At the 2018 Winter Olympics in South Korea, all eyes have been on the country’s neighbour to the north.
Government leaders from North Korea and South Korea have begun to embrace themes of peace and harmony at the Pyeongchang Games. But international observers have offered a mix of scrutiny and praise as they watch the totalitarian nation warm to its southern neighbour.
We still know very little about the Democratic People’s Republic of Korea.
The North Korean government is notoriously secretive. Upon entering the country, visitors are instructed on what they can and cannot take pictures of. Customs agents inspect your mobile phone and other digital devices, including cameras, tablets, and storage cards, for banned content.
In 2015, these restrictions prompted Getty photographer Xiaolu Chu to travel by train through the country, documenting everyday life through his phone lens. He told Business Insider it was too risky to use a high-end camera because locals would report him to the authorities.
While some images were deleted during run-ins with the police, Chu shared some snapshots with us. Take a look at life inside North Korea.
Chu took the long way around during his visit to North Korea.
Most Chinese tourists enter by train through Sinuiju or by plane through Pyongyang. He instead travelled to Russia so he could access the northern port at Tumangang.
The train ride from Tumangang to Pyongyang — the capital of North Korea — lasts a day. It was canceled because of a dispute between North Korea and South Korea.
“Fortunately, we had a whole day to go out and take some pictures in the village,” Chu said.
He saw scores of people living in abject poverty. Many begged for money.
“There are nearly no fat people in North Korea, everyone looks very thin,” Chu said.
Many of the residential buildings looked run down and in need of repair.
When he later returned to the train station, he noticed portraits of the country’s former leaders and the words “long live” hanging overhead.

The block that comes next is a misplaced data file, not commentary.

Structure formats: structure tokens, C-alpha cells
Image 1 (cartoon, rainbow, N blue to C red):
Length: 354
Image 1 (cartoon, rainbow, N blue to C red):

At night, these shrines were the only lit structures in the village. Other buildings sat in darkness.
The next day, he boarded a train for the nation’s capital.
A customs agent on board checked his tablet to make sure it wasn’t GPS-enabled. The government also jams signals as a security measure.
The customs agent also checked his laptop and DSLR camera. Chu said the agent had no trouble operating the devices, with the exception of the MacBook.
The train chugged along, giving Chu glimpses of everyday life. This boy collected corn cobs beside the tracks.
Many people rode bicycles to get around.
Some scenes were quaint. Children took an afternoon dip in a river.
Anytime the train pulled into a station, there were painful reminders of the country’s poor living conditions. This little boy begged for money at a station in Hamhung.
Korean People’s Army soldiers rested on the tracks.
Whenever he hopped out, Chu shot photos on his phone. “DSLR is too obvious to take pictures in that condition as people in the village were extremely vigilant,” he said.
Several locals reported him to the police. “A policeman and a solider stopped us and checked our mobile phone. I hid most of the pictures, [but a] few pictures were deleted,” he said.
The tourism bureau encourages visitors to take photos of student-exercise groups. These kids rehearsed for a celebration of the 70th anniversary of the Workers’ Party of Korea.
Photography of anti-American protests is also welcomed. These students were marching against South Korea and the US.
Eventually, Chu reached the railway station in Pyongyang.
We asked Chu if he was scared of retribution for publishing the photos from his trip.
“No, absolutely not,” he said.
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